"Let me be clear about this: Lawyers who provide counsel for the unpopular are - and should be treated as what they are - patriots," Holder told a friendly audience.
The crowd, gathered at a Washington hotel to honor voluntary free legal services for indigent criminal and terror suspects, burst into applause when Holder defended his attorneys.
Holder did not mention the U.S. naval base at Guantanamo Bay, Cuba, or al Qaeda by name, nor even refer directly to terrorism, but left no doubt to whom he was referring.
Obama confidante and senior adviser David Axelrod hit the trifecta Sunday talking health care, health care and lastly, health care on CNN.
White House spokesman Robert Gibbs lent an assist on Fox: …”we’ll have the votes when the House votes.” The rough translation: We won’t vote until we have the votes and/or we don’t have the votes. Not yet anyway, according to the guy counting the noses. House Majority Whip James Clyburn (D-SC) says the will is there and the votes will be too. “They (House Dems) have been looking to us to create a way to do it. I think we’ve gotten to a place where we do have the way to do it.”
No joy in Minorityville. House Republican leader John Boehner of Ohio vowed to “…do everything we can to make it difficult for them, if not impossible, to pass the bill.”
Sen. Lamar Alexander (R-TN) warned Democrats about a kind of political Armageddon if the bill passes. “There will be an instant, spontaneous campaign to repeal it all across the country… and (in November) a political wipeout for the Democratic Party.
Proving that there will be news after health care Boehner says he doesn’t think Congress will approve funds to move terrorist suspects at Guantanamo Bay prison to a supermax facility on U.S. soil. Certainly you can count him out: “I wouldn’t vote for this if you put a gun to my head.”
Boehner also said there’s a chance Republicans could take over the house this November.
Asked about the facility and whether it would be closed, House Minority Leader John Boehner, R-Ohio, said in an interview that airs on Sunday’s State of the Union, “Well, no they're not. They - they keep saying they are.”
Boehner rejected the White House proposal saying, “(T)hey want $500 million from this Congress to rehabilitate this prison in northwest Illinois. I want to see who the members are who are going to vote for this. I wouldn't vote for this if you put a gun to my head.”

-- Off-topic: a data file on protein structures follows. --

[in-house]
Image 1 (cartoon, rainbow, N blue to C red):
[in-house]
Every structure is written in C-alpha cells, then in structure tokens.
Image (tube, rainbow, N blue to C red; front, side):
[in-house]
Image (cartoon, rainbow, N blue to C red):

Washington (CNN) - President Barack Obama is asking for more than $230 million in the 2011 budget to buy and prepare an idle Illinois prison to house terrorism suspects now detained at Guantanamo Bay, Cuba.
The Justice Department budget for 2011 unveiled Monday calls for about $172 million for the federal government to acquire and renovate the state-owned prison in Thomson, Illinois, and another $66 million to eventually staff and equip it.
The budget requires congressional approval, and several lawmakers in both the House and Senate have vowed to block the funds, potentially preventing the transfer of many of the 192 remaining Guantanamo detainees to U.S. soil.
"Even though Americans are facing tremendous economic challenges, the administration has chosen to spend $237 million dollars in taxpayer money to provide free travel, room and board in Thomson, Illinois for some of the most dangerous Guantanamo detainees," said a statement Monday by Rep. Ileana Ros-Lehtinen of Florida, the ranking Republican on the House Foreign Affairs Committee. "It is time for the President to focus on the security and economic needs of the American people, rather than on the needs of those dangerous extremists who seek to do us harm."
Washington (CNN) - A recommendation by the Obama administration's Guantanamo Detainee Review Task Force to continue holding nearly 50 detainees indefinitely without charges sparked fury among civil liberties groups Friday.
The recommendation, confirmed to CNN by two government sources not authorized to release the information, was completed by a task force under the direction of Attorney General Eric Holder and sent to President Barack Obama for final approval.
The confidential review recommending a disposition for each of the 196 remaining Guantanamo detainees was first reported by the Washington Post.
The review proposes that 47 detainees be held without charges or trial because they are considered too dangerous to release, and because trials could jeopardize intelligence and harm national security, government sources said.
"If you close Guantanamo but leave individuals detained without charge or trial you're just making a cosmetic change," Jameel Jaffer, director of the ACLU National Security Project, told CNN.